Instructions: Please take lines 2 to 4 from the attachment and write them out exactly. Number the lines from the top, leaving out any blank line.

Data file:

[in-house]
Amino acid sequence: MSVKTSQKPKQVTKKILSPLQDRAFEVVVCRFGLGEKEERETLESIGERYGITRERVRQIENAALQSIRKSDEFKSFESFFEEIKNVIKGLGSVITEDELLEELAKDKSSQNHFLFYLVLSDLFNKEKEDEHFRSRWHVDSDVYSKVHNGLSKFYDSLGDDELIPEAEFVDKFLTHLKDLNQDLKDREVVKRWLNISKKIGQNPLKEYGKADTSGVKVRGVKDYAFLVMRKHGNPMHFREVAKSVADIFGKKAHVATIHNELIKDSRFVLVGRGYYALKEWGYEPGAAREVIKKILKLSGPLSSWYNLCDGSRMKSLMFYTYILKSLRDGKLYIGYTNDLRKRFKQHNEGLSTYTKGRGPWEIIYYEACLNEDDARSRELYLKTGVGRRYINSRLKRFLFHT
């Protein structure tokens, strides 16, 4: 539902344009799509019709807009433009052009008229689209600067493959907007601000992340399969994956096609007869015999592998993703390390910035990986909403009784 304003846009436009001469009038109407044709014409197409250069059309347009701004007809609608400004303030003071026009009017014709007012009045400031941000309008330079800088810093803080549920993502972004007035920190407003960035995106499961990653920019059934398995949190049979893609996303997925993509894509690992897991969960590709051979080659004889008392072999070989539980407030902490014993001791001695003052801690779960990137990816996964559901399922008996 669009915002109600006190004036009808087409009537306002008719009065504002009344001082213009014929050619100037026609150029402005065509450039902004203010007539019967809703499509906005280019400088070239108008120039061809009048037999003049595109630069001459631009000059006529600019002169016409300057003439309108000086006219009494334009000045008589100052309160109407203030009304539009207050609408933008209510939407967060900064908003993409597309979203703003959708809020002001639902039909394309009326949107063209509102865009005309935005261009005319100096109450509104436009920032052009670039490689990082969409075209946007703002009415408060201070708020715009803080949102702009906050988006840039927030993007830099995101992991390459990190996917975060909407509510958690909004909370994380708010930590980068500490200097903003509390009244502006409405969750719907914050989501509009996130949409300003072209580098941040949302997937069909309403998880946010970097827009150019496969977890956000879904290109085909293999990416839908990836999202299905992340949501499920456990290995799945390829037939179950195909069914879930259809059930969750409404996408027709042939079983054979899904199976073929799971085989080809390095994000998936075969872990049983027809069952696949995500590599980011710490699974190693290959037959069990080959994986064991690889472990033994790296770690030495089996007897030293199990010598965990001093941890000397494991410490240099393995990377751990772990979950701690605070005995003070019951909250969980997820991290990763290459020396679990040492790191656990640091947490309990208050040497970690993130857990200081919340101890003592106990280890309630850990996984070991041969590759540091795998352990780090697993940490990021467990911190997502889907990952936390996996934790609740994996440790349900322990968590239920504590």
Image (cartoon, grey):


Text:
Amino acid sequence: MSVKTSQKPKQVTKKILSPLQDRAFEVVVCRFGLGEKEERETLESIGERYGITRERVRQIENAALQSIRKSDEFKSFESFFEEIKNVIKGLGSVITEDELLEELAKDKSSQNHFLFYLVLSDLFNKEKEDEHFRSRWHVDSDVYSKVHNGLSKFYDSLGDDELIPEAEFVDKFLTHLKDLNQDLKDREVVKRWLNISKKIGQNPLKEYGKADTSGVKVRGVKDYAFLVMRKHGNPMHFREVAKSVADIFGKKAHVATIHNELIKDSRFVLVGRGYYALKEWGYEPGAAREVIKKILKLSGPLSSWYNLCDGSRMKSLMFYTYILKSLRDGKLYIGYTNDLRKRFKQHNEGLSTYTKGRGPWEIIYYEACLNEDDARSRELYLKTGVGRRYINSRLKRFLFHT
């Protein structure tokens, strides 16, 4: 539902344009799509019709807009433009052009008229689209600067493959907007601000992340399969994956096609007869015999592998993703390390910035990986909403009784 304003846009436009001469009038109407044709014409197409250069059309347009701004007809609608400004303030003071026009009017014709007012009045400031941000309008330079800088810093803080549920993502972004007035920190407003960035995106499961990653920019059934398995949190049979893609996303997925993509894509690992897991969960590709051979080659004889008392072999070989539980407030902490014993001791001695003052801690779960990137990816996964559901399922008996 669009915002109600006190004036009808087409009537306002008719009065504002009344001082213009014929050619100037026609150029402005065509450039902004203010007539019967809703499509906005280019400088070239108008120039061809009048037999003049595109630069001459631009000059006529600019002169016409300057003439309108000086006219009494334009000045008589100052309160109407203030009304539009207050609408933008209510939407967060900064908003993409597309979203703003959708809020002001639902039909394309009326949107063209509102865009005309935005261009005319100096109450509104436009920032052009670039490689990082969409075209946007703002009415408060201070708020715009803080949102702009906050988006840039927030993007830099995101992991390459990190996917975060909407509510958690909004909370994380708010930590980068500490200097903003509390009244502006409405969750719907914050989501509009996130949409300003072209580098941040949302997937069909309403998880946010970097827009150019496969977890956000879904290109085909293999990416839908990836999202299905992340949501499920456990290995799945390829037939179950195909069914879930259809059930969750409404996408027709042939079983054979899904199976073929799971085989080809390095994000998936075969872990049983027809069952696949995500590599980011710490699974190693290959037959069990080959994986064991690889472990033994790296770690030495089996007897030293199990010598965990001093941890000397494991410490240099393995990377751990772990979950701690605070005995003070019951909250969980997820991290990763290459020396679990040492790191656990640091947490309990208050040497970690993130857990200081919340101890003592106990280890309630850990996984070991041969590759540091795998352990780090697993940490990021467990911190997502889907990952936390996996934790609740994996440790349900322990968590239920504590």
Image (cartoon, grey):